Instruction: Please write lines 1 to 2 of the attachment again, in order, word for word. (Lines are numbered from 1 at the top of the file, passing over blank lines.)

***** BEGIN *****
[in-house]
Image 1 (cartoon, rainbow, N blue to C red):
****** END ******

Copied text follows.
[in-house]
Image 1 (cartoon, rainbow, N blue to C red):